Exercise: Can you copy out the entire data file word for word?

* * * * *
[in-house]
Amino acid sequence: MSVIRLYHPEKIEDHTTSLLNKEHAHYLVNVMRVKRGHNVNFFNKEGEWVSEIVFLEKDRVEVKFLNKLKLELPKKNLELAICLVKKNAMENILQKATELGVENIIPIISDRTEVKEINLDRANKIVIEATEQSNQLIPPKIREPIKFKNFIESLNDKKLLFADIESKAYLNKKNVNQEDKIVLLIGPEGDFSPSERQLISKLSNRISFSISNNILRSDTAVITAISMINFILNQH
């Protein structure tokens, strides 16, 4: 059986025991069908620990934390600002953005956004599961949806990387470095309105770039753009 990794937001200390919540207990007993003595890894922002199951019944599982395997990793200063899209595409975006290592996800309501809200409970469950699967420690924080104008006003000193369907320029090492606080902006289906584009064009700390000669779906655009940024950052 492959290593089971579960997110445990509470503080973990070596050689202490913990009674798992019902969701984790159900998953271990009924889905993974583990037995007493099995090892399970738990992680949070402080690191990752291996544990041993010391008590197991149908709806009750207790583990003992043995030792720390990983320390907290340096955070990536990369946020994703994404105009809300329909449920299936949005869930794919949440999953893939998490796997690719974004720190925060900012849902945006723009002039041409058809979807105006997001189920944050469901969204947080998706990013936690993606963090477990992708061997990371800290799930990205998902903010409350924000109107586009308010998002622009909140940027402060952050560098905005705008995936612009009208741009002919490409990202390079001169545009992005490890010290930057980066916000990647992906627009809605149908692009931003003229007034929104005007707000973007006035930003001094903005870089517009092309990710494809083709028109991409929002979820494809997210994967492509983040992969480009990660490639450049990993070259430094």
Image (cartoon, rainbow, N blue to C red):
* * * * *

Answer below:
[in-house]
Amino acid sequence: MSVIRLYHPEKIEDHTTSLLNKEHAHYLVNVMRVKRGHNVNFFNKEGEWVSEIVFLEKDRVEVKFLNKLKLELPKKNLELAICLVKKNAMENILQKATELGVENIIPIISDRTEVKEINLDRANKIVIEATEQSNQLIPPKIREPIKFKNFIESLNDKKLLFADIESKAYLNKKNVNQEDKIVLLIGPEGDFSPSERQLISKLSNRISFSISNNILRSDTAVITAISMINFILNQH
């Protein structure tokens, strides 16, 4: 059986025991069908620990934390600002953005956004599961949806990387470095309105770039753009 990794937001200390919540207990007993003595890894922002199951019944599982395997990793200063899209595409975006290592996800309501809200409970469950699967420690924080104008006003000193369907320029090492606080902006289906584009064009700390000669779906655009940024950052 492959290593089971579960997110445990509470503080973990070596050689202490913990009674798992019902969701984790159900998953271990009924889905993974583990037995007493099995090892399970738990992680949070402080690191990752291996544990041993010391008590197991149908709806009750207790583990003992043995030792720390990983320390907290340096955070990536990369946020994703994404105009809300329909449920299936949005869930794919949440999953893939998490796997690719974004720190925060900012849902945006723009002039041409058809979807105006997001189920944050469901969204947080998706990013936690993606963090477990992708061997990371800290799930990205998902903010409350924000109107586009308010998002622009909140940027402060952050560098905005705008995936612009009208741009002919490409990202390079001169545009992005490890010290930057980066916000990647992906627009809605149908692009931003003229007034929104005007707000973007006035930003001094903005870089517009092309990710494809083709028109991409929002979820494809997210994967492509983040992969480009990660490639450049990993070259430094």
Image (cartoon, rainbow, N blue to C red):